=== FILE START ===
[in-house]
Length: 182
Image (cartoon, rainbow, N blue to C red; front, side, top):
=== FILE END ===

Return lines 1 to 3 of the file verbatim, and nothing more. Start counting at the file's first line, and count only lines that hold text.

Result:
[in-house]
Length: 182
Image (cartoon, rainbow, N blue to C red; front, side, top):